My contemporary jazz journey began 20 years ago, in college. In 1989, I was dating a girl who listened to contemporary jazz. She had cassettes of Spyro Gyra’s Point of View and David Sanborn’s A Change of Heart in her blue Honda. I was a bit familiar with modern jazz (a high school classmate had Light Years by the Chick Corea Elektric Band) but not knowledgeable. She and her mother and me took me to an Earl Klugh concert in St. Louis (he was touring behind his Solo Guitar recording). I was completely infatuated with this girl and I wanted to experience everything she enjoyed. When the relationship fell apart, I took an even stronger interest in the music because I didn’t want that part to end. I started buying Jazziz magazine. Based on the issue I bought (the one spotlighting the Happy Anniversary, Charlie Brown! compilation), I bought cassettes of the latest from Grover Washington, Jr. and Fattburger. I’d listen to these on my Walkman while serving as a student worker at the student loans department. Little did I know of the life-changing event coming soon.
In unsurprising but still disheartening news, JazzTimes has stopped publishing. According to the web site, print publishing will resume when a sale is closed. In today’s economy and with information being instantly available online, I don’t know how any niche magazines or newspapers are able to keep going.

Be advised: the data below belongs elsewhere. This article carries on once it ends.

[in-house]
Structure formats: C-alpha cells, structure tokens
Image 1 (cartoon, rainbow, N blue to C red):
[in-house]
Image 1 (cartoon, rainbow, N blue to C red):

I’m especially baffled by Jazziz, whose high price is for a sampler CD? Who is paying for a sampler CD when you can sample full-length tracks on sites like Lala? Oops – just read that Jazziz is now quarterly. Their web site has its subscription link disabled. Will the venerable Down Beat (celebrating 75 years of publication!) be the last magazine standing?
Sadly, JazzTimes has stiffed some contributors. Howard Mandel wrote about this today. Here’s hoping those writers and photographers will be able to get their pay.
I started a discussion on jazz magazines last October. Feel free to drop by The Forum and share your thoughts.